The fractal medium is the vocabulary that fractal artists work with: it creates and therefore limits what artists can speak with and depict in their art work.  It’s a vocabulary of color, shape and pattern.  That’s the workshop of the fractal artist.  It’s abstract, organic and geometric.  But there’s one other important element to the fractal workshop: it’s computational.  The same thing that creates the artificial and mechanical nature to fractal imagery also gives it a prolific level of output, intensity of detail, and rendering perfection that no other medium can match.

The fractal medium has weaknesses but it also has some strengths.  As an artist, whether you find it engaging or frustrating really depends on what kind of artistry you’re pursuing.  If we can divide the art world into the two categories of Fine Arts and Applied Arts, then fractals clearly fall into the Applied Arts variety.  This is a direct result of the simple color, shape and pattern vocabulary of fractals: they don’t convey complex themes and subtle commentary that photographic or hand-made artworks do.  On the other hand, fractals naturally portray complex graphical designs with unwavering perfection in every single detail.  What graphic designer will ever create imagery that matches even the humble Mandelbrot Set in terms of detail and complexity?  This is what fractals do best.  Actually, it’s the only thing they do:  Abstract, organic imagery that is variations on the three basic visual elements of color, shape and pattern.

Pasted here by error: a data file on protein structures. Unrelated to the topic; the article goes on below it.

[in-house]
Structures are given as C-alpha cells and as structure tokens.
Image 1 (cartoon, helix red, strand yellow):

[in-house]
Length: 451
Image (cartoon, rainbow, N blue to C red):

There will be no fractal da Vincis (or Dalis), but there will be fractal coats of arms and other works of computational heraldry.  You won’t find fractals in the fine arts category but you will find them rivaling the best works in the decorative arts and even redefining and extending what can be conceived in that genre.  Fractal artists regularly look at the impossible in their fractal programs and I think have grown a little complacent to the sort of visionary imagery that would be a masterpiece on the wall of almost any religious temple.

In fact, that’s how I came to write this blog post and why it took me so long.  While viewing photos of the Buddhist Mogao Caves on the Wikipedia I found myself nagged by this persistent question: “Why does this look fractal?”  Here’s an outline of my odyssey that took me, backwards, to what fractals are as an art form:

-mogao caves: what is fractal about this? – religious art, icons
-religious art: what is fractal? symmetry, geometric, abstracted, symbolic, hierarchical –heraldry
-heraldry: coats of arms, noticed for a long time by fractal artists, natural for fractals, –part of applied arts
-applied arts: what is fractal? the medium, not fine arts, small vocabulary of color, shape, pattern,
-medium: fractals are an applied art medium, they make that kind of imagery because they are limited to color, shape and pattern –separated from photography because realistic imagery isn’t part of the medium

This blog post is just the conclusion of that odyssey.  I will cover the other parts in future posts because this all happened backwards and they’re practically already written.  I’m sure it will be even more convincing because nothing describes art better than the art itself.  You can judge for yourself then if my conclusions seem correct.  The Bermuda Triangle may never get solved but I believe I’ve finally “solved” fractal art.